College memories last a lifetime, but unfortunately one of those memories is the price of textbooks.
After working the summer away in retail, I was horrified when I arrived at Temple two years ago to pay over $300 in textbooks. My last two checks were gone quicker than one could say “Diamond Dollars.”
As a naive freshman, I made poor choices. A senior was appalled at the fact that I was heading to the campus bookstore and walked me to Zavelle’s instead.
At Zavelle’s, I bought my books at a cheaper price than the campus bookstore offers.
Four months later, I took that fateful bookstore walk to sell back textbooks. At the campus bookstore, I read the sign that specifically said, “Our buyback pricing is based on two criteria: We can pay you 50% of the original selling price if the professor has told us the book will be used again the following term and we still require more to meet demand. If this is not the case, we will be happy to give you the latest national pricing.”
After standing in line for almost an hour, I was furious to discover three of my books could not be sold at all.
Entering the bookstore with no money whatsoever, I left with five bucks.
Zavelle’s wasn’t much better, adding another dollar to my lonely wallet as my car reaped the profits and I drove home with less money than I had at the beginning of the semester.
Buying books on a budget took on a whole new meaning with Intellectual Heritage.
I was never fond of buying eight books for one class, especially since we would only use them for two weeks each. After buying four books, I finally grasped the old and overused idea of the library.
Common sense told me that everyone would be flocking to Paley Library, so I looked to my local library at home. Since I only needed the books for certain weeks throughout the semester, I would check out a few books at a time.
Every time I came home, I brought old books home and checked new ones out.
As my years at Temple continued, I began doing this for all my classes. In the rare event that I actually needed a book for the whole semester, I would check it out for six weeks, my library limit, return it, and then check it out again the next day.
Some people don’t live close enough to go to their local library. Even they can follow in the footsteps of some people I know who buy the book, copy the chapters they need and then return it immediately afterward.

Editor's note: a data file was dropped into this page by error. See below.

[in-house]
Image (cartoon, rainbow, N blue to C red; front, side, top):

There are some books professors have assigned that I couldn’t find at my local library.
But even these I could buy from online sites such as Amazon or Bookfinder. However, I still had bookstore rejects from freshman year, which I no longer wanted.
Since I purchased from Amazon occasionally, I decided to put my bookstore rejects up for sale.
I was not sure if anyone would buy them, since they were now two years old, and two new editions have been made since then. To my surprise, they all sold for almost the same price I paid for them.
The campus bookstore’s Web site describes the breakdown of textbook profits as the publisher earning 67 percent, the author nine percent, the freight company 2.5 percent, Temple University nine percent while the bookstore earns 12.5 percent.
This just adds consolation since the authors are getting ripped off as much as students are.
Some universities recognize the cost of textbooks as a financial issue. Both schools rent textbooks to students for a fee in included with the price of tuition.
For instance, at Eastern Illinois University the fee is $95, with a $10 charge if the books are damaged upon return. But even schools implementing the rental system make students buy special expensive course packets.
Likewise, some Temple professors are sympathetic to the high prices as well, letting students borrow their books if unable to afford the textbook.
Maybe in the future, Temple could join the few universities using the rental system. But by Temple’s logic, that would probably mean raising tuition.
Stephanie Young can be reached at Temple_News@hotmail.com.